PCCI, DepEd ink MOU to help address skills-job mismatch

Amy R. Remo @inquirerdotnet Philippine Daily Inquirer April 20, 2015

The Philippine Chamber of Commerce and Industry (PCCI) and the Department of Education (DepEd) have forged an agreement to collaborate on the integration of the dual training program with the K to 12 curriculum, to help address the worsening skills-job mismatch in the country.

Dual training refers to the combination of practical, on-the-job, enterprise-based training and theoretical education in a school, to balance theory and practice.

Both parties believe that in considering the specific skills requirements of industries, and in providing hands-on-training for students through the dual training program, the country will produce graduates with skills that industries and businesses need.

At the signing ceremony Monday, PCCI chair Miguel B. Varela said the signing of the memorandum of understanding served “as PCCI and DepEd’s commitment to work together in instituting programs and projects that will create a pool of qualified, competent and job-ready human resources, and thus contribute to the productivity and sustainability of enterprises, generate employment and self-employment, and reduce poverty in our country.”

Under this five-year agreement, the PCCI will help DepEd identify the appropriate facilities necessary to maximize the benefits of the K to 12 program for students in the technical-vocational-livelihood (TVL) track.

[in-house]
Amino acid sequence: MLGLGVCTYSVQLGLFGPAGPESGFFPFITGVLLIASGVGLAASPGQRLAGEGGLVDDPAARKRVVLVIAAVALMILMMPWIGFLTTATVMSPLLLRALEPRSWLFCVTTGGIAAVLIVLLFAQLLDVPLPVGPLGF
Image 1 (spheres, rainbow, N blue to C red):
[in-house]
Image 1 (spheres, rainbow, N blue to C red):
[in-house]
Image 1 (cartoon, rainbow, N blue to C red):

The PCCI, in consultation with the DepEd, will also establish a system of accreditation of industries and businesses that can accept senior high school students in the TVL track as trainees; and ensure that the dual training industry partners can and will train the trainees or mentees following the competencies and standards of the DepEd curriculum.


Education Secretary Armin Luistro stressed, meanwhile, the need for the educational reforms to be closely linked with the industries.

Luistro urged PCCI members to help teach or train senior high school students.

“(They can teach) part-time, what’s important for us is to have those immersed in these industries to be able to teach the students,” Luistro added.